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Brahma (God), meaning and origin (ethmology) on word.

Discussion in 'Scriptural Debates' started by Samana Johann, Jun 25, 2019.

  1. Samana Johann

    Samana Johann Restricted by request

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    Since it had another time leaded to much off-topic, my person thought of creating it an own realm.

    As for a simple explaining, peprived from Pali, Vedic, the word comes from Brah, "a stand", so someone having a "real" stand, status, a Lord, a "real" being.

    here some from the Pali society Dictionary

    I. Brahman (nt.) [cp. Vedic bráhman nt. prayer; nom. sg. bráhma] 1. the supreme good; as a buddhistic term used in a sense different from the brahmanic (save in controversy with Brahmans); a state like that of Brahmā (or Brahman) A ii.184 (brahmappatta). In cpds. brahma˚. -- 2. Vedic text, mystic formula, prayer DA i.244 (brahmaŋ aṇatī ti brāhmaṇo).

    II. Brahmā [cp. Vedic brahmán, m., one who prays or chants hymns, nom. sg. Brahmā] 1. the god Brahmā chief of the gods, often represented as the creator of the Universe (vasavattī issaro kattā nimmātā) D i.18; iii.30, also called Mahābrahmā (D i.235 sq., 244 sq.; iii.30; It 15; Vism 578; DhA ii.60); and Sahampati (Vin i.5; D ii.157; S i.136 sq.; Vism 201; KhA 171; SnA 56) and Sanaŋkumāra(D ii.226; iii.97). The duration of his life is given as being 1 kalpa (see Kvu 207, 208). -- nom. Brahmā Vin i.5; D ii.46; J vi.486; Miln 224; Vism 2 (brahmānaŋ atibrahmā, Ep. of Buddha Bhagavā); SnA 229 (B. mahānubhāvo); gen. abl. Brahmano D ii.209; Vism 205; SnA 177; instr. Brahmanā D i.252; ii.239; Dh 105, 230; Vism 48, 405; DhA ii.60; acc. Brahmānaŋ D ii.37; voc. Brahme S i.138. -- 2. a brahma god, a happy & blameless celestial being, an inhabitant of the higher heavens (brahma -- loka; in which to be reborn is a reward of great merit); nom. sg. brahmā S i.142 (Baka br.); M i.327 (id.); A iv.83; PvA 138 (˚devatā for brahma˚?); gen. abl. brahmuno S i.142, 155; instr. brahmunā D iii.147, 150 & brahmanā PvA 98; voc. sg. brahme M i.328. pl. nom. brahmāno Miln 13, 18 (where J vi.486 has Mahā -- brahmā in id. p.); DhsA 195; gen. brahmānaŋVism 2; Mhbv 151. -- paccekabrahmā a br. by himself S i.149 (of the name of Tudu; cp. paccekabuddha). -- sabrahmaka(adj.) including the brahma gods D i.62; A ii.70; Vin i.11; DA i.174.

    III. brahma (adj. -- n.) [cp. brahmā II. 2; Vedic brahma˚ & Sk. brāhma] 1. holy, pious, brahmanic; (m.) a holy person, a brahmin -- (adj.) J ii.14 (br. vaṇṇa=seṭṭha vaṇṇa C.); KhA 151 (brahma -- cariyaŋ= brahmaŋ cariyaŋ). -- (m.) acc. brahmaŋ Sn 285; voc. brahme (frequent) Sn 1065 (=brahmā ti seṭṭhavacanaŋ SnA 592); J ii.346; iv.288; vi.524, 532; Pv i.129 (=brāhmaṇa PvA 66). -- 2. divine, as incorporating the highest & best qualities, sublime, ideal, best, very great (see esp. in cpds.), A i.132 (brahmā ti mātāpitaro etc.), 182; iv.76. -- 3. holy, sacred, divinely inspired (of the rites, charms, hymns etc.) D i.96 (brahme mante adhiyitvā); Pv ii.613 (mantaŋ brahmacintitaŋ) =brāhmaṇānaŋ atthāya brahmaṇā cintitaŋ) PvA 97, 98). -- Note. The compn form of all specified bases (I. II. III.) is brahma˚, and with regard to meaning it is often not to be decided to which of the 3 categories the cpd. in question belongs.​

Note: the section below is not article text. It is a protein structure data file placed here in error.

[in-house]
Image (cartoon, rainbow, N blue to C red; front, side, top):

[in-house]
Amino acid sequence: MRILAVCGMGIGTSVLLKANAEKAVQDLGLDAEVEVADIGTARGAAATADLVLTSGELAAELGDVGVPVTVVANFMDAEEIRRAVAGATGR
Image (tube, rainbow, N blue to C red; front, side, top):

The Brahmans (those who preach ways to Brahma, believe in) here might rejoice in further elaborating toward their believes here.

    Here some accounts of the Buddha of what would really define a Brahma, and Brahman. Brahmanavagga: Brahmans

    The person from whom you would
    learn the Dhamma taught
    by the Rightly Self-Awakened One:
    you should honor him with respect
    — as a brahman, the flame for a sacrifice.​
     
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  2. Aupmanyav

    Aupmanyav Be your own guru

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    Brahman from a root (Proto-Indo-European) bhlagh-men- 'priest, flamen, wizard'
    Indo-European Lexicon: PIE Etymon and IE Reflexes
    involved Supreme God (saguna), uninvolved substance of the universe (nirguna).

    Brahma: The universe
    Brahmā: One of the Hindu Trinity, creator, writer of destiny.
    Other words used for Brahmā: Prajāpati, Brihaspati, Brahmanaspati, Dhātā, Vidhātā, Vidhi, etc.
     
    #2 Aupmanyav, Jun 26, 2019
    Last edited: Jun 26, 2019
  3. sealchan

    sealchan Well-Known Member

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    What I find most interesting, coming from a Judeo-Christian point of view, is this separation of the creator from the two other divinities Vishnu and Shiva. I ask myself "what experience of the world would lead one to recognize the truth of this sort of Trinity?" I'm not asking out of wanting to say the Christian Trinity is better but rather to understand an answer to my question.

    I have had some "inklings" of this but nothing too clear as of yet.